(Bloomberg) -- Alphabet Inc.’s Google faces a multibillion-dollar lawsuit in the U.K. over claims that YouTube routinely breaks privacy laws by tracking children online.
The suit, filed on behalf of more than 5 million British children under 13 and their parents, is being brought by privacy campaigner Duncan McCann and being supported by Foxglove, a tech justice group. The claimants estimate that if they’re successful, there would be as much as 2.5 billion pounds ($3.2 billion) in compensation, worth between 100 to 500 pounds per child.
The filing alleges that YouTube’s methods of targeting underage audiences constitute “major breaches” of U.K. and European privacy and data rules designed to protect citizens’ control over their own private information. YouTube has “systematically broken these laws by harvesting children’s data without obtaining prior parental consent,” it alleges.
A spokesperson for YouTube declined to comment on the lawsuit Monday but added that the video streaming service isn’t designed for users under the age of 13.
“We launched the YouTube Kids app as a dedicated destination for kids and are always working to better protect kids and families on YouTube,” the company said in an emailed statement.
Privacy watchdogs have in recent months turned their attention more closely to the protection of children’s data, with regulators in Ireland looking to clarify the rights of children under the European Union’s strict data protection rules, and the U.K.’s Information Commissioner publishing a code of practice with specific standards for online services to follow.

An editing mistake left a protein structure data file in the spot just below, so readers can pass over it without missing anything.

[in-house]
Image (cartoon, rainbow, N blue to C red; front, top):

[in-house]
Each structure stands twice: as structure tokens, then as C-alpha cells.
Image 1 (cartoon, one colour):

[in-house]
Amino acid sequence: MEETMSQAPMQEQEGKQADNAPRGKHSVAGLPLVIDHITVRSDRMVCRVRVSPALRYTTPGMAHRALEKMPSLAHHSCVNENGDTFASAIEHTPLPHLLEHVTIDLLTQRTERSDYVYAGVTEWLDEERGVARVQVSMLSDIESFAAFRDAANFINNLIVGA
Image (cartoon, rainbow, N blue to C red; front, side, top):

ByteDance Ltd.’s social media app TikTok has in recent months also come under scrutiny by several EU data watchdogs over its processing of children’s data.
It’s the first class action suit in Europe brought against a tech firm on behalf of children, according to the claimants. The legal action is being backed by Vannin Capital, a global litigation funder.
“The cost of YouTube’s so-called free service is kids that are addicted to online content and influenced by large tech companies that have stolen their privacy,” Cori Crider, director of Foxglove, said. “Google won’t clean up its act until it’s forced to do so by the courts.”
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